Vitamins & Athletic Performance
Going Beyond Energetic
Athletes in training or during competition, your vitamin levels are probably the last thing on your mind. The concern is with your performance: those vital last half seconds that help you surpass your personal best, or that inch or two more that takes you that much further. You'd be surprised at how much certain vitamin levels affect athletic performance.
Vitamin D3

From a training perspective, a number of new studies show Vitamin D’s may provide significant performance benefits.

The Journal of Clinical Endocrinology & Metabolism, concluded that adolescents with higher levels of vitamin D can jump higher, quicker, and with greater power than those with lower vitamin D levels.

A review in Molecular Aspects of Medicine showed that vitamin D3 increased the size of fast-twitch muscles and muscular strength. Research also shows low levels of vitamin D may increase risk for sports injuries, including stress fractures because the nutrient is so vital for bone health.

Vitamin B12

Increasing an energy without a sugar high…Desire for more Energy

54% of people claim that they are often tired for no reason. When you feel tired and run down you are easily irritated and your zest for life disappears. Its role in red blood cell formation, B12 is crucial for getting oxygen to tissues, and has been proven to help reduce tiredness and fatigue. Vitamin B12 is a key energy vitamin. B12 is needed for metabolism of carbohydrates, which serve as the body's fuel.

Why D'Life Boost B12 oral spray?

Often it's a struggle to achieve healthy B12 levels. By obtaining B12 via the sublingual membranes, the vitamin is absorbed directly into the bloodstream, avoiding the digestive system which destroys essential nutrients with strong enzymes and acids. In fact, B12 is so difficult to absorb that only one per cent of intake from food is actually retained. Supplementing is the only way to make sure.

Functional Food Supplement
Ideal for Athletes, Physical trainers, Diabetics, Scholars & Students
D3– Improves athletic training, boosts muscle strength & recovery. Enhances mental capacity & general health. B12 proven to help increase energy levels, reduces tiredness and fatigue, diabetes. B12 boost is essential as nerves suffer damage thru Vit B12 depletion. May reduce neuropathy pain.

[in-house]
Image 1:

STOP PRESS: Dangerous Underestimation X 10 of "D3".

Seldom do the medical community agree on something this important, so this revelation is ground-breaking. As I write, a group of scientists from the Creighton University and the University of California, Dr Mercola & the Vitamin D Council have presented data claiming that the Institute of Medicine experts underestimated human needs by an order of 10x magnitude.
These nutrition researchers examined data from a different population than that used in the initial calculations, and came up with a recommendation of approximately 7,000 IU per day of vitamin D to achieve 20ng/ml. A better level of 40 ng/ml (100nmol/L) is the lower threshold for therapeutic activity, and the threshold thought to better protect the health of the general population

New study suggests vitamin D supplementation helps weight loss in obese and overweight people

A recent study led by Dr. Luisella Vigna of the University of Milan found that vitamin D supplementation resulted in weight loss in obese and overweight people who are vitamin D deficient. Prior research has found that low vitamin D levels are associated with obesity. Vigna and colleagues conducted a study to provide insight on vitamin D3's role in weight loss. They recruited 400 obese or overweight adults and divided them into three groups: those who did not take supplements, those who took 25,000 IU of vitamin D per month and those who took 100,000 IU of vitamin D per month. All participants were put on the same low-calorie diet.
After six months, only those who took 100,000 IU per month achieved sufficient vitamin D status. Both groups who supplemented with vitamin D experienced a significantly greater weight decrease and reduction in waist circumference compared to the group who did not supplement. Those who supplemented with 25,000 IU lost an average of 8.4 pounds, while those who supplemented with 100,000 IU lost an average of 11.9 pounds. The participants who did not supplement with vitamin D lost an average of 2.6 pounds.

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